84 Broad Street
Keyport, Monmouth County, New Jersey
The Artful Diner
December 29, 2008
For the gastronomically- and architecturally-inclined -- who also
enjoy a touch of ecclesiology thrown in for good measure -- a dining excursion
to Trinity is something of a must. You see, the restaurant makes its
home in a 128-year-old former church. Originally founded by Presbyterians, the
building had been in the hands of the Christian Science Society of Keyport
since the '50s before eventually being sold in 2005.
Proprietor Charles Merla's restorations were considerable -- including an attractive
mezzanine level -- but he still managed to maintain the structure's
compositional integrity, as well as add a number of tasteful decorative
embellishments that complement rather than contrast with the interior's rustic
simplicity. Wrought iron railings provide an appropriate supplemental touch, as
do rich maroon diaconal draperies. The main bar is tucked under the mezzanine
to the left as one enters; and there is also a small bar in the "lower
chamber." In addition, the bell tower has been transformed into a facility
for private parties, accessed via a spiral staircase; the former altar serves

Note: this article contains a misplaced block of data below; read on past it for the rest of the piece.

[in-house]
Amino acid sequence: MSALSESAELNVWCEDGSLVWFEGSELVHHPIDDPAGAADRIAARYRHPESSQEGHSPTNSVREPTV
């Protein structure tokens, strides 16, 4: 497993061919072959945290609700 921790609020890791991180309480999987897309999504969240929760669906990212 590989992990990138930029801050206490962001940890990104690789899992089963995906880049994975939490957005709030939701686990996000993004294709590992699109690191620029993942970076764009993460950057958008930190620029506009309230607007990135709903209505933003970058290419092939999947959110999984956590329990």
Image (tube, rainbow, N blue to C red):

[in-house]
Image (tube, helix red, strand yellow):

as a stage for weekend entertainment; and the former pulpit is a haven for disc
jockeys. The cozy creative ambiance charms but doesn't overwhelm.
Architectural and historical elements notwithstanding, it is Chef Michael
d'Ennery's globe-trotting cuisine that adds sound gastronomic substance to Trinity's
ecclesiastically-driven decorative whimsy. Mr. d'Ennery, who has cooked in
California, is also an alumnus of several local restaurant kitchens, including
Solo Trattoria in Freehold. His presentations clearly demonstrate an innovative
integration of ingredients -- some might say a bit too innovative -- but they
generally acquit themselves with suitable distinction.
His Hauser Hill Farms beet "carpaccio," for example, incorporates
wafer-thin slices of roasted beets, an earthy smattering of what the chef terms
Great Hill blue cheese "brùlée," the dusky smokiness of applewood
bacon lardons, sprinkling of Maldon Sea Salt, and tiara of micro beet greens.
Another intriguing combo is the marvelous pulled braised wild boar set on arepas